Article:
Rensselaer Research Review Winter 2009-10
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Lack of Morning Light Keeping Teenagers Up at Night
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The first field study on the impact of light on teenagers’ sleeping habits finds that insufficient daily morning light exposure contributes to teenagers not getting enough sleep. 

Disrupting Biological Rhythms
“As teenagers spend more time indoors, they miss out on essential morning light needed to stimulate the body’s 24-hour biological system, which regulates the sleep/wake cycle,” reports Mariana Figueiro, Ph.D., assistant professor and program director at Rensselaer Polytechnic Institute’s Lighting Research Center (LRC) and lead researcher on the new study.

“These morning-light-deprived teenagers are going to bed later, getting less sleep and possibly under-performing on standardized tests. We are starting to call this the teenage night owl syndrome.”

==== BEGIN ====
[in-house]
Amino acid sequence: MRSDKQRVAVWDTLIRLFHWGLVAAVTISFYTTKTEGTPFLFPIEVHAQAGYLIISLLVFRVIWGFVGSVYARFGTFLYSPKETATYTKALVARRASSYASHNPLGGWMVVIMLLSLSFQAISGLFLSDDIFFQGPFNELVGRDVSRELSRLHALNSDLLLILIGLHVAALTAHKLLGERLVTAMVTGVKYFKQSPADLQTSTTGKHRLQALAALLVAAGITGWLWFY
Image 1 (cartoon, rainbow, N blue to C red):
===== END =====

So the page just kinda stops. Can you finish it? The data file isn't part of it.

In the study just published in Neuroendocrinology Letters, Figueiro and LRC Director Mark Rea found that eleven 8th grade students who wore special glasses to prevent short-wavelength (blue) morning light from reaching their eyes experienced a 30-minute delay in sleep onset by the end of the 5-day study. 

“If you remove blue light in the morning, it delays the onset of melatonin, the hormone that indicates to the body when it’s nighttime,” explains Figueiro. “Our study shows melatonin onset was delayed by about 6 minutes each day the teens were restricted from blue light. Sleep onset typically occurs about 2 hours after melatonin onset."

The problem is that today’s middle and high schools have rigid schedules requiring teenagers to be in school very early in the morning. In addition, the schools are not likely providing adequate electric light or daylight to stimulate this biological or circadian system, which regulates body temperature, alertness, appetite, hormones and sleep patterns. 

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“Lack of Morning Light
Keeping Teenagers Up at Night”
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